As much as we like to believe that we have a past and a future, time is merely a figment of our imagination orchestrated in an illusion created by movement. Our minds perceive movement of things as having a previous position and a new position in space as the passage of time, but in reality, it is still the same moment, just with new quantum arrangements. Why does this matter in dealing with our regrets? Because you are living in a reality where you are both already dead and have never been born. String theory shows us that there are infinite realities, but we are only experiencing one. There is a reality where I went on that trip to Europe. One reality where the trip was absolutely terrible, my plane was delayed, my bags got lost, we got too drunk in Amsterdam and I got robbed. One where I got sick when I arrived. One where I had the best trip of my life. And there is the reality I experienced the choice I made to tend to my responsibilities. So, the only way to overcome the emotional baggage of my regret is to change my perspective.
I talked a lot about gratitude in the last article because I truly believe it is the only practice that has the inherent ability to shift our perspective away from a painful experience to something simply wonderful. Now when I think about the regret of not choosing to make that trip to Europe to visit my best friend, I stop myself to think of what I am grateful for. I am grateful that he wanted me to come. I am grateful that I had such a good relationship with another human being that allowed me to experience the pain of his loss. I am grateful for the time I did have with him, and it was intense and abundant. I am grateful for the memories, the poetry I have, the singular pictures, the scar on my knee from drunkenly wrestling with him in the rain in the middle of the street. I am grateful that the decision I made and the regret I feel means that I will likely never make that mistake again.
We cannot control our emotional reactions to life. Emotions are as natural as breathing air, they are designed to protect us from harm and remind us of decisions that caused us anguish, but they are simply a chemical change. The only things we control in life are our reactions to the emotion and what we do about it. I can tell you that from my experience, I will never not take that trip again. I realize that time is precious, albeit imaginary, but I have learned to savor the time I have with people. Yes, I am still distracted by work or my phone, but I can promise that when given the opportunity to travel with friends, to meet someone for lunch or coffee, to celebrate a birthday or promotion, I will be there. My priorities have changed because of this and the action I choose to take moving forward is that of being the person I thought I was.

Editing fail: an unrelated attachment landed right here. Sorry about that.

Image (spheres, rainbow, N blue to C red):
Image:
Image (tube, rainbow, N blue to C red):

The last thing, and probably the most important, is to forgive yourself for what happened. If you regret something, it shows that you have learned a valuable lesson, that you can play out complex scenarios in your head, that you are compassionate, or that you want to do better. These are all amazing qualities and desires. You deserve forgiveness from yourself even if someone else won’t give it to you. If what you regret caused harm to another person, take action and apologize. If they don’t forgive you that is on them, and it is their choice, but if you have learned something from your mistake, forgive yourself and say you will do better next time. Let these mistakes build character. We say “build character” because it doesn’t come naturally, it takes practice, and anything that requires practice involves failure.
For most of my life I had no desire to get a tattoo. I never felt compelled by anything enough to want it permanently on my body until I began to study stoicism. On my left forearm I have “Amor Fati” and on my right “Memento Mori” meaning “Love your fate and remember you will die”. I can think of nothing more simple and powerful than fully accepting your fate, which would include anything before and after this eternal moment as well as realizing that time is precious. Spending it regretting a mistake you made is as bad as making the mistake endlessly.
The pain I experienced when my friend passed was like nothing I had ever felt. I named my son Kellen after him, as a reminder that life is short but beautiful and to take full advantage of what is right in front of you. I grew into a person who said yes to so many things that at any time I am knee deep in 10 projects, writing, making music, designing spaces, creating videos, building businesses and diving into relationships. When things get overwhelming, I remember that none of this will matter when I’m in the dirt, that the only way to live is with the pedal to the floor.
The victim mentality is one of scarcity and has no place in a world created of your volition.